Fund manager's comment/Alan Miller Since the beginning of the year a strange phenomenon has been tak...
Fund manager's comment/Alan Miller
Since the beginning of the year a strange phenomenon has been taking place. The FTSE 100 Index, which rose by 17.46% last year, has begun to stumble as investors have started to take notice of the turnaround in the small- and mid-cap sectors.
Last year the only investment principle that seemed to matter was the size and valuation of a company. The larger the size the safer the investment was perceived to be. Many institutions and fund managers appeared to give up on smaller companies as the sector had underperformed its larger index for five years. As a result, the top 15 stocks in the FTSE All-Share represented nearly 45% of the index as opposed to 30% in 1994.
Some active managers responded to this by indexing their portfolios to these top companies. Various high-profile leading smaller company investors predicted the terminal demise of smaller companies. They cited reasons ranging from the need to be larger in a European context to the lack of exposure to the global sectors of telecoms, banks, pharmaceuticals and oils.
Meanwhile, their broking counterparts took a similarly gloomy view of smaller company prospects. This depressive fatalism obviously took place late in 1998 when small companies had suffered one of their worst performances on record.
While the jury was still out during the first quarter of this year, falling interest rates and a more buoyant than expected economy have enhanced the continued prospects of recovery for the Small Cap Index. Indeed, it has risen by 33.6% this year compared with the FTSE All-Share rise of 16.08% and the FTSE 100 Index rise of 13.04%.
The reason for the turnaround is easy to understand. Smaller companies have been cheap in comparison with their larger counterparts for some time. The question we continually discuss is: "Why should we pay such a high rate for companies such as Vodafone when you can invest in alternatives at a P/E of nine to 10 times earnings, which are growing at a higher rate?"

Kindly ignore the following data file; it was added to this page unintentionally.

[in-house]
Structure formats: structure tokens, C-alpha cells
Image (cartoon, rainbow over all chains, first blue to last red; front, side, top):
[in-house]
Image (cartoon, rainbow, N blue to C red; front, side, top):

This contrarian view has been taken on board by the experts in the small cap arena - venture capitalists, rival companies and company directors. The level of takeover activity occurring in this sector this year has not been apparent for several years.
Similarly, evidence of company directors buying shares in their own companies is no better illustrated than within the small cap sector, where the buy-to-sell ratio is considerably higher here than for large companies.
The prospects for the coming six months also appear satisfactory, as fears of a UK recession have subsided. Inflation looks to be under control and there is also scope for further interest rate cuts. As the year progresses, the recent trends in the UK should continue if the economic and political news remains positive.
Over 40% of the fund is now invested in small companies as we expect the fund to continue to benefit from those opportunities. We are however keenly awaiting the day when the same institutions and brokers, who became very bearish last October, decide to be upbeat.
Alan Miller is director and fund manager at Jupiter Asset Management
l High merger and takeover activity.
l High directors' buy-to-sell ratio.
l Valuations are looking attractive.
l Impact of any economic slowdown.
l Possible rise in interest rates.
l Trend for institutions towards indexation.
Avoids paperwork with two-step process
Investment process will use machines
Mark Sterling accused of operating a collective investment scheme without authorisation
'Increasing engagement will only favour those prepared to put in the effort'